The Hepburn Shire Council will look to take another step in its Reconciliation Action Plan at Tuesday night’s council meeting, which could eventually result in changing the shire’s Australia Day celebrations.
At a regular meeting in February council voted in favour of reviewing the shire’s Australia Day celebrations, which could result in shifting the date of the municipality’s citizenship ceremony.
Council has pledged $12,000 from the 2017/18 budget for the development of a community reference group which will represent the local aboriginal community.
The conversation with the Dja Dja Wurrung and others is hugely important because there are things that are really important to people locally which would never make it to a state or national agenda.
Councillor Kate Redwood, who put forward the motion at the initial meeting in February, said while she did not want to preempt the findings of the action group, it was important for reconciliation to be addressed at a local level.
“The conversation with the Dja Dja Wurrung and others is hugely important because there are things that are really important to people locally which would never make it to a state or national agenda,” Cr Redwood said.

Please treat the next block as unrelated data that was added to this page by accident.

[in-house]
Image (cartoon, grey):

Between five and 10 members of the local aboriginal community will form the community reference group, which will be chaired by a Hepburn Shire councillor.
At the February meeting Creswick Ward’s Greg May was the only councillor opposed to reviewing the celebrations. Fellow ward councillor Don Henderson supported the review, but clarified he opposed changing the date of Australia Day celebrations.
Among the group’s tasks will be advising council on what date would be best for the shire to celebrate Australia Day.
The controversial move to shift the celebration date was attempted by the City of Fremantle in Western Australia earlier this year, drawing strong criticism from state and federal politicians.
The reconciliation plan comes after the Victorian government signed a Recognition and Settlement Agreement with the Dja Dja Wurrung people in 2013 which recognised them as the traditional owners of land throughout Central Victoria.
The agreement gave the corporation authority over some crown land as well as joint control of a number of parks.
The advisory group is expected to run until late 2018.